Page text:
“Known Unknown” Future Improvements Needed

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Our approach works well for the majority of our samples which are fairly simple and contain components with molecular weights <500 daltons.  On the other hand, improvements are needed for complex samples and components with molecular weights >500 daltons.  I have discussed some of my thoughts and opinions below and a good review of small molecule identification was recently published.

1.  CAS Registry/SciFinder:  The major improvement needed in SciFinder is the addition to search by monoisotopic mass within a specified m/z error window.  This would be especially useful for higher molecular weight components, but could be used effectively for all components eliminating the need for any subjective decisions in specifiying the elements searched, numbers of double bond equivalents, numbers of elements, etc. in the determination of a molecular formula.  The resulting structures from the monoisotopic searches could be returned to the manufacturers' software and further ranked/sorted by their isotopic fidelity and mass error.

Recently, CAS did add the ability to search by average molecular weight in SciFinder.  This capability was only previously available in STN Express.  This is useful, but the monoisotopic mass can be determined with much better precision and accuracy than the average molecular weight.  At lower m/z values too many candidates are recovered due to the very large number of components in the CAS Registry between 300-500 daltons and the large measurement error.

ChemSpider has an applications program interface (API) which can be used by manufacturers to query the ChemSpider database and return results to their interfaces for further processing/displaying.  A similar type approach would be very useful for the CAS Registry.  The Registry does currently allow one to manually export a reasonable number mol files (structural connection tables) in an SDF file format.  It would be very desirable to also included other fields in the SDF file such as the number of associated references.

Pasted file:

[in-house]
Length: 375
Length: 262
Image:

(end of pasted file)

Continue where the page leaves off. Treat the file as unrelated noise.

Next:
Other needed improvements (limitations) are found on page 12 of a prepress article found on this website.

2.  Chemspider:  There are many duplicate structures in ChemSpider for the same compound.  CAS Registry does a better job of listing a unique structure for each record.  Several other suggestions for ChemSpider are found on page 8 of a prepress article.

3.  In-Silico Fragmentation:  Many programs exist for the in-silico fragmentation of structures including MS Interpreter (NIST), MetFrag, Molecular Structure Correlator (Agilent), MathSpec (D. Sweeney), and Fragmentation Prediction Tool in PeakView Software (AB Sciex).  Much more needs to be done in this area to improve the reliability of ranking candidate structures by comparison of in-silico spectra to acquired CID spectra.  A section in a review article discusses the current state of in silico work.

4.  Automated Processing and Reporting:  Manufacturers are improving their automatic processing and reporting for LC-MS and GC-MS, but we still spend an unacceptable amount of time hand-annotating chromatograms for customers.  Much of this could be avoided if manufacturers would further improve their software.

It would be very powerful if both ChemSpider and CAS Registry used application program interfaces to obtain structures and associated numbers of references which would be returned to the manufacturers' software programs.  They could then be ranked by individual scores considering the number of associated references, isotopic fidelity, mass accuracy, isotopic spacing, elemental composition from fragmentation data, in-silico fragmentation, commercially availability, etc.  Then an overall score could be assigned by weighting these individual scores to allow sorting of the candidate structures.


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